April 05, 2011
If the absence of traditional powers UConn, Tennessee and Stanford caused would-be viewers not to watch Tuesday's women's national title game, those folks should be kicking themselves right now.
They missed a heck of a game.
Upstarts Texas A&M and Notre Dame waged a back-and-forth battle that had all the drama and shot-making the lackluster men's title game lacked 24 hours earlier. In the end, the second-seeded Aggies held off the Irish 76-70, parlaying their relentless pressure defense and superior interior scoring into their first championship in program history.
It's difficult to pinpoint one hero for Texas A&M because so many players combined to bring the title to a school that didn't even admit women until 1963.
All-American center Danielle Adams scored 22 of her game-high 30 points in the second half, scoring the bucket that broke a 66-all tie on a put-back and continuously exploiting her size advantage on the low block.
Guard Tyra White added 18 points for the Aggies, none bigger than her 3-pointer at the shot clock buzzer that extended Texas A&M's lead to 73-68 with 1:07 left.
And guard Sydney Colson bounced back from first-half foul trouble to serve as the catalyst for a second-half defensive surge that helped the Aggies rally back from a seven-point deficit and take control late in the game.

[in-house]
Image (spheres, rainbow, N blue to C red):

When coach Gary Blair left Arkansas in 2003 to come to Texas A&M, his first Aggies team went 9-19 overall, 2-14 in the Big 12, and showed little hope of ever becoming competitive at the national level. Blair has gradually built Texas A&M into a power since then, taking the Aggies to six straight NCAA tournaments and finally breaking through this spring with the program's first 30-win season and first trip to the Final Four.
As the Aggies hugged and cried tears of joy amid the falling confetti on Tuesday night, the Irish walked off the court lamenting a missed opportunity. Notre Dame toppled No. 1 seeds Tennessee and UConn in back-to-back games to advance to the national title game for the first time in 10 years, but the Irish ran out of magic on Tuesday night.
After star point guard Skylar Diggins capped a 9-2 Notre Dame run with a jumper in the lane that tied the game at 66 with four minutes to go, the Irish scored just one more field goal the rest of the way. Diggins scored a team-high 23 points on 7-for-19 shooting in a losing effort and teammate Devereaux Peters had 21.
In the buildup leading up to Tuesday's title game, the primary question was whether some new blood could help women's basketball in the long run. Either Tennessee or UConn had captured 12 of the previous 16 national titles, creating a fierce rivalry yet also a sense of predictability that hindered the growth of the sport.
It remains to be seen how Tuesday's game fared TV ratings-wise, but one thing is certain: Those who did tune in witnessed a high-quality game between two up-and-coming programs likely to be heard from again.